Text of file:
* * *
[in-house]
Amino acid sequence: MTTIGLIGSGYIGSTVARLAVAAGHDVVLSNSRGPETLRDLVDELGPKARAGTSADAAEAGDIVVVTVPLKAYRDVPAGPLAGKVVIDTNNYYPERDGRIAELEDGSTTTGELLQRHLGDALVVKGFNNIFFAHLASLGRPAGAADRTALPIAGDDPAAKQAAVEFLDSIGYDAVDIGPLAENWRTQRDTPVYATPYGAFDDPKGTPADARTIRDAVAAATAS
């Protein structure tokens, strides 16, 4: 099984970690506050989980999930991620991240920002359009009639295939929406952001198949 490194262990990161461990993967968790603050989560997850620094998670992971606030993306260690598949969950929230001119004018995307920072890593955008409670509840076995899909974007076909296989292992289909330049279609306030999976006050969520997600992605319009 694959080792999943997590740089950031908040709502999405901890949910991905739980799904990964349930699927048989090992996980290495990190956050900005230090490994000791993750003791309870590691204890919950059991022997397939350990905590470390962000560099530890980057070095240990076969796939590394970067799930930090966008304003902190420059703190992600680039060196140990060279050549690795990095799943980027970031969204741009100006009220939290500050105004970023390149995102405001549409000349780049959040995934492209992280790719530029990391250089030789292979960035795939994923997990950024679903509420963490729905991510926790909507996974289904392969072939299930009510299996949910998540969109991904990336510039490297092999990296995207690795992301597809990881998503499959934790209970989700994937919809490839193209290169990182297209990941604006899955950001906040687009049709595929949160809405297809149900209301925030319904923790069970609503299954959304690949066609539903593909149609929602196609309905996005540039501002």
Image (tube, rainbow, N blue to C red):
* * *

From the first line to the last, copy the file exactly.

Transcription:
[in-house]
Amino acid sequence: MTTIGLIGSGYIGSTVARLAVAAGHDVVLSNSRGPETLRDLVDELGPKARAGTSADAAEAGDIVVVTVPLKAYRDVPAGPLAGKVVIDTNNYYPERDGRIAELEDGSTTTGELLQRHLGDALVVKGFNNIFFAHLASLGRPAGAADRTALPIAGDDPAAKQAAVEFLDSIGYDAVDIGPLAENWRTQRDTPVYATPYGAFDDPKGTPADARTIRDAVAAATAS
């Protein structure tokens, strides 16, 4: 099984970690506050989980999930991620991240920002359009009639295939929406952001198949 490194262990990161461990993967968790603050989560997850620094998670992971606030993306260690598949969950929230001119004018995307920072890593955008409670509840076995899909974007076909296989292992289909330049279609306030999976006050969520997600992605319009 694959080792999943997590740089950031908040709502999405901890949910991905739980799904990964349930699927048989090992996980290495990190956050900005230090490994000791993750003791309870590691204890919950059991022997397939350990905590470390962000560099530890980057070095240990076969796939590394970067799930930090966008304003902190420059703190992600680039060196140990060279050549690795990095799943980027970031969204741009100006009220939290500050105004970023390149995102405001549409000349780049959040995934492209992280790719530029990391250089030789292979960035795939994923997990950024679903509420963490729905991510926790909507996974289904392969072939299930009510299996949910998540969109991904990336510039490297092999990296995207690795992301597809990881998503499959934790209970989700994937919809490839193209290169990182297209990941604006899955950001906040687009049709595929949160809405297809149900209301925030319904923790069970609503299954959304690949066609539903593909149609929602196609309905996005540039501002």
Image (tube, rainbow, N blue to C red):